Winding Fault Detection of Transformer using Symmetrical Components Theory

DOI : 10.17577/IJERTV4IS041098

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  • Total Downloads : 295
  • Authors : Prerna Suryawanshi, J. O. Chandle, Amol Kadam, Kalyan Dadhirao
  • Paper ID : IJERTV4IS041098
  • Volume & Issue : Volume 04, Issue 04 (April 2015)
  • DOI :
  • Published (First Online): 28-04-2015
  • ISSN (Online) : 2278-0181
  • Publisher Name : IJERT
  • License: Creative Commons License This work is licensed under a Creative Commons Attribution 4.0 International License

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Winding Fault Detection of Transformer using Symmetrical Components Theory

Ms. Prerna H. Suryawanshi

Electrical Engineering Department Veermata Jijabai Technological Institute, Mumbai, India.

Mr. Amol Kadam

Electrical Engineering Department Veermata Jijabai Technological Institute, Mumbai, India.

Prof. Mrs. J. O. Chandle

Electrical Engineering Department Veermata Jijabai Technological Institute, Mumbai, India.

Mr. Kalyan Dadhirao

Electrical Engineering Department Veermata Jijabai Technological Institute, Mumbai, India.

Abstract Transformers are amongst the most costly equipment in power systems. A large research is done focusing on detecting failures of transformers before unexpected machine outage. Majority of the transformer faults are due to winding insulation failure. Several methods have been employed to detect winding faults like DGA, FRA, wavelet theory etc. This paper will mainly focus on detection of faults through symmetrical components theory especially use of negative sequence components. The differential protection is used to detect winding faults but it fails to detect below 10% of turns short. For detection of such low level of turn to turn faults, a sensitive method is needed. This method of using negative sequence components theory is very sensitive. Negative sequence components are sensitive to unbalanced condition and this feature is used for fault detection.

Keywords T ransformer differential protection, winding faults, negative sequence components


    Transformers are essential in any power system and their unexpected outage can cause total disruption of electrical supply which could result in major economic loss. For this reason, online evaluation of transformer is very important. The majority of faults on transformers are due to internal winding insulation failure. If not quickly detected, these turn- to-turn faults gradually result into more serious and costly to repair faults. Hence internal faults of transformer are one of the biggest topics of concern due to its low magnitude but high injures effect on transformers. According to IEEE standard it is nearly impossible to generate a protection scheme which provides protection against internal fault with required standard of sensitivity and time of response with exact position [1].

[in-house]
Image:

These winding faults are mostly a result of the degradation of the insulation system due to thermal, electrical, and mechanical stress, ageing, moisture, and so on [2]. Degradation means reduction in insulation quality, which will eventually lead to breakdown in the insulation which either leads to adjacent winding turns being shorted, or directly to a winding being shorted to the ground. A short

    circuit between turns can be due to mechanical forces, ageing, and deterioration of insulation due to overload conditions, loose connection or breakdown by impulse voltage [3].

    The basic purpose of traditional transformer differential protection is to detect and limit damage caused by internal faults as early as possible. The main disadvantages of traditional differential protection are CT saturation, unwanted operation during external faults and inrush currents and bad sensitivity for low level internal faults. The first two faults can be handled with introduction of numerical technology [5]. But sensitivity for internal winding turn-to-turn faults did not improve much. This paper introduces the new protection principle, which will improve differential relay sensitivity for minor internal turn-to-turn faults.


    The new protection principle is based on the theory of symmetrical components, or more exact, on the negative- sequence currents. The existence of high negative-sequence currents is in itself an indication of a disturbance. The negative-sequence quantities are particularly suitable for different kinds of directional tests.

    The new protection principle yields a very sensitive protection for low-level turn-to-turn faults. All such faults, which involve around 1% short-circuited turns, can be detected. The new negative-sequence-current-based sensitive protection is better than the traditional power transformer differential protection, which is based on the well-known biasdifferential characteristic. The paper presents the principle of this new protection, and concludes with simulation results.